If you’re a brand in this space, you’d better. In fact, you’d better understand which type of customer will want to achieve which specific emotional state, so that you can market to it, target the appropriate customer, and deliver a customer experience that fulfills the brand promise you’re offering in your advertising.

One customer may want the “joy” of convenience and a quick, transactional one-click shopping experience. This customer knows how to fix the car, and just needs the part. This customer also wants the lower price that Amazon may be able to offer. This person isn’t shopping around, this person is ready to make a specific purchase. The product arrives on the front porch two days later and the customer experiences the joy of getting their car back to ship shape.

Emotion Intelligence Martec Emotion Score emotion research automotive aftermarket customer experience

Another customer might feel ill-at-ease when shopping for automotive parts. This customer may need help and guidance, and to have someone remove the intimidation that he or she can experience when operating out of his or her comfort zone. Such an individual seeks the “serenity” of having a knowledgeable counter person recommend (and even retrieve) the precise product the customer is seeking, perhaps complete with some directions on installation or use.

Two different customers. One is a do-it-yourself-er, the other is a do-it-for-me. Two distinct motivators. Two different emotional states. Two different shopping experiences. All offering and selling the same products.

For the brand? Two different messages. Two different customer experiences.

And it’s not that one is better than another…or that one is more “pleasant” than the competitor’s “unpleasant” experience. It’s all about knowing your audience, then connecting to their emotional drivers in everything you do and say.

What Could Go Wrong?

The annals of advertising and brand management lore are littered with cautionary tales…companies only going so far when studying consumer sentiment and not applying the full range of science at their disposal.

Most famously, there was an era in which Pepsi was literally marketing to what they affectionately dubbed “a new generation.” It was, by definition, a younger audience. This youth movement of sorts naturally responded to feelings of joy, as the young often do (instant gratification, and all that). When Pepsi started to gain market share in the soft drink category as a result of campaigns focused on feelings of joy targeted specifically and strategically to a younger demographic, Coke saw what was happening and, one might say, they panicked. They reflexively pivoted to messages of joy in an attempt to regain lost market share.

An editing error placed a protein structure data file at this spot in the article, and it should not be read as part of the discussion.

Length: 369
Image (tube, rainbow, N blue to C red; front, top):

But it didn’t connect. It wasn’t authentic. Coke is, and was, a heritage brand. It evokes feelings of stability, of nostalgia, of “tried and true”. In other words, serenity. It wasn’t until Coke went back to emotional properties more authentic to its legacy that it began to re-establish itself as the industry behemoth it remains today. (To wit, you may remember the brand once marketed as “Coca-Cola Classic.”)

The mistake that many companies make is that they want to immediately perform a sentiment analysis on their own brands. But such data is potentially immaterial if not properly understood within the broader context of the customer journey. Rather than asking, “How do customers feel about the Ford F-150 we sell?,” we start where the customer starts—at the beginning!

  • How do customers feel about my CATEGORY (automotive)?
  • How do customers feel about my PRODUCT SET (trucks)?
  • How do customers feel about my BRAND (Ford)?
  • How do customers feel about my PRODUCT OFFERING (F-150)?
  • Lastly, how do we want them to feel about my product offering versus the COMPETITION (Dodge Ram, Chevy Silverado, etc.)?

The first level of analysis you need to perform is to understand whether what you’re trying to sell is out of synch with your category, and re-perform the sentiment analysis at each step along the way. We want to re-examine what that customer weighing a purchase decision experiences along their path toward determining which product is the right one to satisfy his or her unique preferred emotional state.

To skip ahead to brand or product analysis is to miss the bigger (and more important) picture. It’s the same as misinterpreting the wink and the nod, and missing an opportunity to beat your competition to the affinity and loyalty of the customer.

And if the competition is doing this better than you, you might not ever get a second chance to make a first impression.
For further information about how we analyze and harness emotions for brands, marketers and market researchers, I invite you to look into the Martec Emotion Score. If you have any questions about how the 32 emotion channels can be applied to your brand, contact us directly!